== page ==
Prospective study of gut hormone and metabolic changes after adjustable gastric banding and Roux-en-Y gastric bypass.

Korner J, Inabnet W, Febres G, Conwell IM, McMahon DJ, Salas R, Taveras C, Schrope B, Bessler M - Int J Obes (Lond) (2009)

Changes in BMI (A) and percent weight loss (B).
© Copyright Policy
Related In: Results  -  Collection

Show All Figures
getmorefigures.php?uid=PMC2710396&req=5

Figure 1: Changes in BMI (A) and percent weight loss (B).
Mentions: Age was similar between groups (LAGB, 47.1 ± 2.5; RYGB, 45.0 ± 2.0y), while body weight (112 ± 5 vs 128 ± 5 kg; P = 0.056) and BMI (41 ± 1 vs 48 ± 1 kg/m2; P < 0.001) were less in LAGB compared with RYGB. Changes in BMI and body weight are depicted in Fig. 1. At one year, 13/15 LAGB and 25/28 RYGB subjects were available for follow-up measurements. Percent decrease in total body weight at one year was two-fold greater in RYGB compared with LAGB (−15 ± 2.3 vs −30 ± 1.2%; P < 0.001). There was a wide variation in the range of weight change with both procedures (LAGB, +5 to −27; RYGB, −18 to −41%). At one year both groups were of similar weight (LAGB, 94 ± 4.5; RYGB 88 ± 3.6 kg; P = 0.221) and BMI (LAGB, 34 ± 1.1; RYGB, 33 ± 1.0 kg/m2; P = 0.438).

Bottom Line: At 1 year there was greater weight loss in RYGB compared with LAGB patients (30 vs 15%), but final body mass index was similar (34 vs 33 kg m(-2)).GLP-1 levels at 30 min after meal were threefold greater after RYGB compared with LAGB (P<0.001).There was a significant decrease in free T(3) (P<0.01) after RYGB.

View Article: PubMed Central - PubMed

Affiliation: Department of Medicine, Columbia University College of Physicians and Surgeons, New York, NY 10032, USA. jk181@columbia.edu

ABSTRACT

Objective: The objective of this study was to quantify hormones that regulate energy and glucose homeostasis to establish possible mechanisms for the greater efficacy of Roux-en-Y gastric bypass (RYGB) compared with laparoscopic adjustable gastric banding (LAGB) in achieving weight loss and improved insulin sensitivity.

Design: Longitudinal study of patients undergoing LAGB (n=15) and RYGB (n=28) who were studied before surgery and at 2, 12, 26 and 52 weeks afterwards.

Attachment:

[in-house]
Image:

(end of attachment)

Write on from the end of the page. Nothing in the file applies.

Measurements: Fasting blood samples were drawn at each visit. Postprandial blood samples were also obtained before surgery and at 26 and 52 weeks. Samples were assayed for peptide YY (PYY), ghrelin, glucagon-like peptide-1 (GLP-1), glucose, insulin, leptin, thyrotropic hormone, free T(4) and free T(3).

Results: At 1 year there was greater weight loss in RYGB compared with LAGB patients (30 vs 15%), but final body mass index was similar (34 vs 33 kg m(-2)). At week 52, area under the curve (AUC) for PYY in RYGB subjects was greater than LAGB (P<0.01). GLP-1 levels at 30 min after meal were threefold greater after RYGB compared with LAGB (P<0.001). Conversely, ghrelin AUC increased after LAGB at week 52 (P<0.05) but tended to decrease after RYGB. Fasting glucose, insulin, and leptin and homeostasis model of assessment (HOMA-IR) decreased in both groups over time but were significantly lower at week 52 after RYGB compared with LAGB. The change in leptin correlated significantly with weight loss in LAGB (r=0.86) and RYGB (r=0.77), however, HOMA-IR correlated significantly with weight loss only in LAGB (r=0.78), and not RYGB (r=0.15). There was a significant decrease in free T(3) (P<0.01) after RYGB.

Conclusions: Differences in levels of gut hormones may play a role in promoting greater weight loss and insulin sensitivity after RYGB compared with LAGB, however, weight loss may be limited by decreases in free T(3) and leptin.

Show MeSH
Related in: MedlinePlus